30 July 2010

Questions raised about 29 July quiz(1281)

Yes, the questions and suggestions that I have made another mistake just keep on rolling in! But this time, I am pretty sure the quiz is error free and no scoring is required. The questions were quite interesting and reflected, for the most pat, the complexities of dynamic SQL, especially dynamic PL/SQL. The quiz for 29 July asked you to choose an implementation for this header:
PROCEDURE show_value_with (
   show_program_in IN VARCHAR2
 , string_in IN VARCHAR2)
One person wrote that "execute immediate SQL statements should not end with semicolons" - and that is true of dynamic SQL statements. Dynamic PL/SQL statements, which is what was needed to solve this problem, must end with a semi-colon, as in:
  plsql_stmt VARCHAR2 (1000)
        := 'BEGIN ' || show_program_in || '(:value); END;';
  EXECUTE IMMEDIATE plsql_stmt USING string_in;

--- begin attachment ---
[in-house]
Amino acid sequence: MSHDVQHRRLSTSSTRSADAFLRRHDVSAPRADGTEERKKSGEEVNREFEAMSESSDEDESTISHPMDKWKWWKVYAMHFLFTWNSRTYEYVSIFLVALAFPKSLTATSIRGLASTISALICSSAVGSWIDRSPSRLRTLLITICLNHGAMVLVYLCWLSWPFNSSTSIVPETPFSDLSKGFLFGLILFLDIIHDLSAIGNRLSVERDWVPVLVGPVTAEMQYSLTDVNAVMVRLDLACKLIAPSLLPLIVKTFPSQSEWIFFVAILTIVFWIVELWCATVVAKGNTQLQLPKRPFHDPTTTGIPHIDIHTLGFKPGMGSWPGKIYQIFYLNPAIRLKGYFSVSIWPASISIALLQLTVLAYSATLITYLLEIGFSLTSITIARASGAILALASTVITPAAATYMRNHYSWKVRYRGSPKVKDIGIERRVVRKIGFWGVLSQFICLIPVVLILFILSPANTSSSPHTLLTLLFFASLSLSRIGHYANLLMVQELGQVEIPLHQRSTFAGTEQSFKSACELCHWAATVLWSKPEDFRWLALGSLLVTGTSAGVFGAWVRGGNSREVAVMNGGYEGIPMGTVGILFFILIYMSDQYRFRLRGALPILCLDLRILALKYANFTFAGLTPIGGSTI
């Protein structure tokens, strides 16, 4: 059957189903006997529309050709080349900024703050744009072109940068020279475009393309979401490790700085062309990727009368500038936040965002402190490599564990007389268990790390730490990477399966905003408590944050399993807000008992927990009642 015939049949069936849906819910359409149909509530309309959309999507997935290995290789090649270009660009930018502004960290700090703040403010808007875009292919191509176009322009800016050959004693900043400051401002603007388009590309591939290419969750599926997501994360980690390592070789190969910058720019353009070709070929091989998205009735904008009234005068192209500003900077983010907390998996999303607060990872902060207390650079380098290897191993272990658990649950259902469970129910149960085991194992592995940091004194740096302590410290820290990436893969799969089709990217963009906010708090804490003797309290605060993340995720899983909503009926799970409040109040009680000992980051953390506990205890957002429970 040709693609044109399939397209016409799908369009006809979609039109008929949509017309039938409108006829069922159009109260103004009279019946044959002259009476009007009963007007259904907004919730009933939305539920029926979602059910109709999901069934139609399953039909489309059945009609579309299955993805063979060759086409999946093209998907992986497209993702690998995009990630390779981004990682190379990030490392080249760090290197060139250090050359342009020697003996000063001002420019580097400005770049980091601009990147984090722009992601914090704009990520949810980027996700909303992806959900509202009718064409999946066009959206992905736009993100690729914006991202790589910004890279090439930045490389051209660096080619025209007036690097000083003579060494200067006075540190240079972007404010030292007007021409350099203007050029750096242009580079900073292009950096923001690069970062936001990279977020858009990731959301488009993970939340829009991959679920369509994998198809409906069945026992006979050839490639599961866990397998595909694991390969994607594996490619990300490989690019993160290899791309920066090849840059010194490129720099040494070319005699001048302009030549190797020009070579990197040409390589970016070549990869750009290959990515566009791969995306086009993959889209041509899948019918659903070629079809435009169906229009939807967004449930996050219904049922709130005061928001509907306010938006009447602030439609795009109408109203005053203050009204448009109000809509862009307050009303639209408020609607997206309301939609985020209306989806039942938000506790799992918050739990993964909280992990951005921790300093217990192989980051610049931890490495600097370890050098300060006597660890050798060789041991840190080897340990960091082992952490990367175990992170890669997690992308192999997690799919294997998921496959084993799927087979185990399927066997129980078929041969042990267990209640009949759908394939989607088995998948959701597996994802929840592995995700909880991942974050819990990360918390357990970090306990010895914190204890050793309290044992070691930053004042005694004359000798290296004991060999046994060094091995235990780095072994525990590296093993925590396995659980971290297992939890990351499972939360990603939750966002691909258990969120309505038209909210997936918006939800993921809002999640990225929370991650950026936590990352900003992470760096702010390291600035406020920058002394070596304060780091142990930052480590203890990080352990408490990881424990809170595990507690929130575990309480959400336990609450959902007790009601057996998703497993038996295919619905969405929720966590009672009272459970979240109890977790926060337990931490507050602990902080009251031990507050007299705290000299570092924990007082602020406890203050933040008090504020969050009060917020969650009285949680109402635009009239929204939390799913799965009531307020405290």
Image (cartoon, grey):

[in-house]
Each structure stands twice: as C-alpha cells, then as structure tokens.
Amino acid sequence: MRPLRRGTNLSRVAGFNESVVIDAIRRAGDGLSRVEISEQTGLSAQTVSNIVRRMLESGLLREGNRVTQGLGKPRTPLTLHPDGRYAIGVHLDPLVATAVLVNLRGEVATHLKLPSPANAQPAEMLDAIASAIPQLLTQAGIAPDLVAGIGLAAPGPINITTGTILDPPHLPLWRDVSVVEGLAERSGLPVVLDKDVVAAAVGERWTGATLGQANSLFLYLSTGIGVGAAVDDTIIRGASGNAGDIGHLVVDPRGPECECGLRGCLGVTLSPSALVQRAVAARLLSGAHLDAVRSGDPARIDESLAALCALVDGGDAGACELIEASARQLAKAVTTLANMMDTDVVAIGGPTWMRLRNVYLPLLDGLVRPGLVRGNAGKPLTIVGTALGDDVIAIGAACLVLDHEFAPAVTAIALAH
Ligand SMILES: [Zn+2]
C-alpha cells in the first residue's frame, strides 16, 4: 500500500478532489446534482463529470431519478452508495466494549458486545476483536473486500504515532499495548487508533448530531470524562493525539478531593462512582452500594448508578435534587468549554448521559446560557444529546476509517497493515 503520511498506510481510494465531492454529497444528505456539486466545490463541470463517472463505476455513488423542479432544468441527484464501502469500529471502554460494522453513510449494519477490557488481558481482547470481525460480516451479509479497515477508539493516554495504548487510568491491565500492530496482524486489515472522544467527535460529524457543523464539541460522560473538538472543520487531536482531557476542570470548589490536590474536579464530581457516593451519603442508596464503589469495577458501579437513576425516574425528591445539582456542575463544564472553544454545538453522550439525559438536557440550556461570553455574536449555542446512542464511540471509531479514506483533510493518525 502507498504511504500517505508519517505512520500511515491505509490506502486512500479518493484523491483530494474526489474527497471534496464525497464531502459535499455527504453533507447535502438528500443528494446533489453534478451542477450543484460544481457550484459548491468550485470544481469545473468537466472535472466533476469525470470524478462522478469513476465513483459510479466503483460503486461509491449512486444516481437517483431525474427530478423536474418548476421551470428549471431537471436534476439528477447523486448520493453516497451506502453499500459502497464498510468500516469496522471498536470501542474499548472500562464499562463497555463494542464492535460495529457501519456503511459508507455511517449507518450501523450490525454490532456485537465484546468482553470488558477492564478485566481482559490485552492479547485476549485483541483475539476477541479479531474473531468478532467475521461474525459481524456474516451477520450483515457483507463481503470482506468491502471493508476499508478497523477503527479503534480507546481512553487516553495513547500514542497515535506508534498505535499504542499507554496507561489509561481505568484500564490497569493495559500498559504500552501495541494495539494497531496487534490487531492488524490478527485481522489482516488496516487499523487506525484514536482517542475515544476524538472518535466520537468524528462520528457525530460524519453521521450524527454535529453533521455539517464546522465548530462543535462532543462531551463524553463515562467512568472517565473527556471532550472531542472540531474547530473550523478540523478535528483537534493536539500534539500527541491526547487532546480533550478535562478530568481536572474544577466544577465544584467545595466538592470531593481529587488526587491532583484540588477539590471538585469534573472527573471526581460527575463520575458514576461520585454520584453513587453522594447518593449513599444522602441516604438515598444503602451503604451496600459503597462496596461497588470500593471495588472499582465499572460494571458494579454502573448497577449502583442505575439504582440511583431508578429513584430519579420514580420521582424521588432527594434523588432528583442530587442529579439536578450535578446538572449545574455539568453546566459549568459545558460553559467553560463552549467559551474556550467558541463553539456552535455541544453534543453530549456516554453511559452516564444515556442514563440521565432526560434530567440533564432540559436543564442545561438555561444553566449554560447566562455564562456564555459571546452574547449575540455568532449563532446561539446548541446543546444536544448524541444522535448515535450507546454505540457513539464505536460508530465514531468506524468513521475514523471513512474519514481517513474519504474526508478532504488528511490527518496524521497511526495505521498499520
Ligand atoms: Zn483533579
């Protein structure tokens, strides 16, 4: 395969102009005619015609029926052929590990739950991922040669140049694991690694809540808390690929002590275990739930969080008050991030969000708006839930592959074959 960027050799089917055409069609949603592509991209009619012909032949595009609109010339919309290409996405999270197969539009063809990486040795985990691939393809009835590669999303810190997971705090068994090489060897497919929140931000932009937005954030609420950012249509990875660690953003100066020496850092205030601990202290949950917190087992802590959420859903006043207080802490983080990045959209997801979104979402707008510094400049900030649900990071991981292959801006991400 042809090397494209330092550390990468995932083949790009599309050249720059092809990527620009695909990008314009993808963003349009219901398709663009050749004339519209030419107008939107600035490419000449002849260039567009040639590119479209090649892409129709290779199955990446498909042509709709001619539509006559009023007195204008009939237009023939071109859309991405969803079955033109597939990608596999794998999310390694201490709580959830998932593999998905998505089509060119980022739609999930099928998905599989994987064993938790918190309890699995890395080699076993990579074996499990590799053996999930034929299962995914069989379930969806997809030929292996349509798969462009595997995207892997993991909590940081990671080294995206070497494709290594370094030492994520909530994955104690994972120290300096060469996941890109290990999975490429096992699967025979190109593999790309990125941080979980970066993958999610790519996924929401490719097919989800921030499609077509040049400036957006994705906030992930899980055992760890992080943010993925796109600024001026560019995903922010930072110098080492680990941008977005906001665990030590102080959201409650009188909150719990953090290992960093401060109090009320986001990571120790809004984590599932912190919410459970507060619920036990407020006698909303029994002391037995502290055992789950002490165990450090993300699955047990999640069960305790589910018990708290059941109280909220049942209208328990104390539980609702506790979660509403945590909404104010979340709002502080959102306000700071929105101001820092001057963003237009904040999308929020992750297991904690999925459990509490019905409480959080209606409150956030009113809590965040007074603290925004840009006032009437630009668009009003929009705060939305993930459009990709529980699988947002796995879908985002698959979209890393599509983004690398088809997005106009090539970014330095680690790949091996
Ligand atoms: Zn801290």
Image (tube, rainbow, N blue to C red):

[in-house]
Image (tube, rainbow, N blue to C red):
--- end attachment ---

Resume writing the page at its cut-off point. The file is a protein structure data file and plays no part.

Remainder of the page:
Several other players wrote that "There's a minor inconsistency between the question that says the string is "not more than 10,000 bytes" and the answers that have plsql_stmt defined as varchar2(1000) - 10 times less. I think it's a typo." You can see an example of what they mean in the previous block of code - but they are not correct; there is no problem here. In the two choices that declare a variable of length 1000, the string that is to be displayed is not concatenated into the plsql_stmt variable. Instead, that potentially long string (longer than 1000 anyway) is bound into the PL/SQL block with the USING clause. Thus, there is no problem regarding the length of the variable. Another person wrote: "For today's quiz I must say that for the code snippet to work, dbms_output.enable(10000); should be there for buffer allocation else desired effect wont be there. dbms_output has some limitation of around 256 bytes. This is for those which breach this limit . In current scenario, 'ABC' is just 3 chars hence it should work. Anything above limitation will fail and hence it has to be either enabled for the session prior to execution. In absence of anything, we can't assume this and hence in that case all the answers would be wrong. Else there are some right answers and i think i have marked all or some of them correctly. Now, this player has a point. We state in the assumption that server output is enabled, but we do not specify the buffer size. I will add a "buffer unlimited" clause to the assumptions in our next release (1.5). But since Oracle10g Release 2 did, in fact, introduce the unlimited buffer option, my feeling is that is genreally no longer an issue in the PL/SQL development and testing environment. I am not going to change the scores or ranks for this reason. Finally, a number of players wrote to me along these lines: "In 29th July quiz question the procedure name is mentioned as show_value_with but in the answers it is referred as show_program_in." This is not true. The name of the procedure that executes the dynamic PL/SQL block is show_value_with. The name of the parameter to this procedure is show_program_in, and it contains the name of the procedure to be executed inside the dynamic PL/SQL block. No doubt about it, working with dynamic SQL and especially dynamic PL/SQL can be very tricky. It can be hard to keep it all straight when there is more than one level of evaluation going on. But I did manage to get it right, which I felt fairly confident of, seeing as I wrote and ran a script to verify each answer. I look forward to your comments on this quiz! SF

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